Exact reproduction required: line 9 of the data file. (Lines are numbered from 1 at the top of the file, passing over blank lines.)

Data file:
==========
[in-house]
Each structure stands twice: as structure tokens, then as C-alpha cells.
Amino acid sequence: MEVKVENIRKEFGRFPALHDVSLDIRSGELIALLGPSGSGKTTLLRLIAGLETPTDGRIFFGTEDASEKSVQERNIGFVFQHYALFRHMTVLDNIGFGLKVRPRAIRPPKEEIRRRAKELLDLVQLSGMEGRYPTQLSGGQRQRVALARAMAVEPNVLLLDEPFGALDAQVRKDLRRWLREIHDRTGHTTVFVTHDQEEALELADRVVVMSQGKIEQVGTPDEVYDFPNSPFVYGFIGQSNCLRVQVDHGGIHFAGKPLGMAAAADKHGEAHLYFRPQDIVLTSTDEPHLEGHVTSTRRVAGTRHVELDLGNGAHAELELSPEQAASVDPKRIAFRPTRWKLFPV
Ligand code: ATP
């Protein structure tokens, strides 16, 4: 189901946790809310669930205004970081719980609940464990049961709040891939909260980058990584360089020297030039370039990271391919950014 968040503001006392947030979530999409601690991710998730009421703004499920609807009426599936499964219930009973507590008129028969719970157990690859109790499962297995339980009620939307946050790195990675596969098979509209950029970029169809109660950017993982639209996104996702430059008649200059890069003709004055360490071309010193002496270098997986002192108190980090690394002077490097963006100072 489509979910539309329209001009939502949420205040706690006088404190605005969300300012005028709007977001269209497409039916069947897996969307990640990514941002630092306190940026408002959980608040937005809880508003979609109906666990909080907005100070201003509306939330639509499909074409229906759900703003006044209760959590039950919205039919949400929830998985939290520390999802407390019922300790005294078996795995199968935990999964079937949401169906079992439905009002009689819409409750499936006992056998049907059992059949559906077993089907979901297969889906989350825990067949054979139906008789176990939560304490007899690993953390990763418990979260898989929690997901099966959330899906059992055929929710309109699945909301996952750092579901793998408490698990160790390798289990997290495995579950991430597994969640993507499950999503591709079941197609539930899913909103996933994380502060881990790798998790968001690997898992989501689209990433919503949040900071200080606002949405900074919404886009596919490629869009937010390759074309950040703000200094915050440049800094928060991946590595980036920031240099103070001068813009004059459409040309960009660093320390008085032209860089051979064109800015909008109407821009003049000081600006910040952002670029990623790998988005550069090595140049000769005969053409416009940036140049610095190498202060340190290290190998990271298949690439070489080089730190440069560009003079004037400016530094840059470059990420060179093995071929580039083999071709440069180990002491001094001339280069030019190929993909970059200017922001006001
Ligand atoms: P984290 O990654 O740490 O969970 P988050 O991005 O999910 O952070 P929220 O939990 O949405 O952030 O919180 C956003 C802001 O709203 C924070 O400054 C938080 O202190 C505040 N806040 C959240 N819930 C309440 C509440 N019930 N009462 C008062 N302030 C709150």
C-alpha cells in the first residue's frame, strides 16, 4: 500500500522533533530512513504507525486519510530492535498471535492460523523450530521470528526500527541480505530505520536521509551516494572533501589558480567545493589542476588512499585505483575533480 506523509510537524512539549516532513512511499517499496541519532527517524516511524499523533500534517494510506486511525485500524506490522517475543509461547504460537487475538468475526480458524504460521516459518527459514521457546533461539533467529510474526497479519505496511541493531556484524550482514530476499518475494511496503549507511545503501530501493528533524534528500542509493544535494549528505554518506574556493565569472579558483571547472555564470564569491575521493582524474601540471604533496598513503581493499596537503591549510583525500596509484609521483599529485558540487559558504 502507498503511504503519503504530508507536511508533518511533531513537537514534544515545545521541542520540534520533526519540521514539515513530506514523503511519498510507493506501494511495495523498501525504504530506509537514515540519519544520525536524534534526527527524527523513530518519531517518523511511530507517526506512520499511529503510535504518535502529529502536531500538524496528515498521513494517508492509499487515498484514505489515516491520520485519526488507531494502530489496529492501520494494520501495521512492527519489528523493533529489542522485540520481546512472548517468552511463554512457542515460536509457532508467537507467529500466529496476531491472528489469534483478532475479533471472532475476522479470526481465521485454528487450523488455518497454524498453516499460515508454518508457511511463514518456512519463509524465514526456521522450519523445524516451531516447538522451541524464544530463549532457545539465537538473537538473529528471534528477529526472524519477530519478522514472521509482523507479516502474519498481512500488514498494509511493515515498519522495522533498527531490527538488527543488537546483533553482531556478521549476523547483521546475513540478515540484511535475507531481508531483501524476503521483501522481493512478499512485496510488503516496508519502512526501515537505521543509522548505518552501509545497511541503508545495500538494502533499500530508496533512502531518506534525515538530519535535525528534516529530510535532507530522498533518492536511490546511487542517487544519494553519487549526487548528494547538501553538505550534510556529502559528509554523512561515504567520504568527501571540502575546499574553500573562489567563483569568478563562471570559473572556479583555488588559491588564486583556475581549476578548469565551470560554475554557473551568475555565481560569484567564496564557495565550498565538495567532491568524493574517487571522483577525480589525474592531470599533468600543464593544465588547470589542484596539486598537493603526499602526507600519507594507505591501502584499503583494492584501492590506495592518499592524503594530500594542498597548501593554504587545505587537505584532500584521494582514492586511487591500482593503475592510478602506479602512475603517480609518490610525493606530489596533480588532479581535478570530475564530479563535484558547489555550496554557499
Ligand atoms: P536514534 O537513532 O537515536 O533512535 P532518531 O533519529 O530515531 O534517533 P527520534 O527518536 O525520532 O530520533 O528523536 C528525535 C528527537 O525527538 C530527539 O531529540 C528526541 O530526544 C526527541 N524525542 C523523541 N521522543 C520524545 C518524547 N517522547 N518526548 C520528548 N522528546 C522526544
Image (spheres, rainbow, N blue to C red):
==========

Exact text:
Image (spheres, rainbow, N blue to C red):